Killed the Wrong Guy by Andrew McMillan

On July 13, 2010 a 16 year-old kid killed a pastor in Cali, Colombia. Pastor Francisco Valencia was closing the meeting when the kid shot three bullets into his chest. The police got the kid and he confessed that he was paid $500 for the job, but he botched it. He shot the wrong guy. He was paid to kill the Senior Pastor, Jorge Villavicencio, a dear friend of mine, but Jorge was out of town and had delegated the meeting to Francisco. It seems someone in a legal dispute with Jorge hired the gun. Since killers are cheaper than lawyers, Francisco died at the feet of his wife, his brother and about 1,500 church members.

Ten years ago another dear friend, Pastor Basilio, tried to get home for the Sunday evening service, but his flight from Bucuramanga was canceled. He called his home in Medellin to delegate the service to the visiting pastor. The guest pastor used Basilio’s car, arrived in Basilio’s church and preached from Basilio’s pulpit on The Joy of Heaven. In the sermon he said heaven would be a culture shock for grumpy Christians. Minutes later a man on a motorcycle gunned him down and into heaven. The killer shot the wrong guy and got away. Pastor Basilio now lives in the US.

We hate it when a “mistaken identity” hits us with a false charge on our credit card, but getting shot for mistaken identity is another thing. You would think that killers would be careful to kill the right guy, but most of these Colombian hit-men are not tough gangsters sitting around card tables and drinking whiskey. They are skinny scared kids. Usually some lady buys a few motorcycles and guns, and sets up a killing business, recruiting the neighborhood teenagers. Some “businesses” are more sophisticated. They do research, study the victims and use two or three motorcycles for the get away. These usually kill the “right” guy.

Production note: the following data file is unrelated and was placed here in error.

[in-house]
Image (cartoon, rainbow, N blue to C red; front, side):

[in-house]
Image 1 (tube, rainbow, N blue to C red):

Diego [his name has been changed for the sake of this article]  from the age of 13, worked for such a group and killed about 500 people. Somehow the love of Jesus was deep enough to reach his calloused heart. During a church service, he was just one of many who came forward to the altar to say yes to the Murdered One on the cross. Two years later, he was sitting in my living room between my two sons on the couch and I asked him about his story.

He worked for Pablo Escobar for about $200 an assassination and now he volunteers under my sons in the video ministry. With an angelic smile, sitting between my sons, Diego told us about his encounter with Jesus and how one by one he remembers the victims and cries. He told us how he attempted to confess to the police but they shrugged him off telling him it was a different time. When the tears dry, he finds another layer of forgiveness. He said if he had felt the conviction for all his sins at once, it would kill him.

I did not lose my family members to this killer. It is easy for me to forgive him, so my forgiveness is cheap. I just stared into this boyish 23-year-old face sitting between my sons and the blood of 500 people scream for vengeance, but the Bible says the blood of Jesus speaks of better things than the screaming blood of Abel.

Recently Diego came to me to confess that he had backslidden and he was sick with guilt. I wondered if he had “slipped” and killed a few people but he confessed he slept with his fiancé. How could this man, who shot face-to-face 500 people, be so troubled over this? He felt horrible that he betrayed her and His God. He thought if the blood of Jesus could pull him out of 500 counts of murder, he owed Him something.

All this mercy makes me dizzy. Heights will do that and should do that. The good news is that we let Jesus take the rap. When the accuser comes to condemn us for the past, just smile and say, “You got the wrong guy.”

– Andrew McMillan

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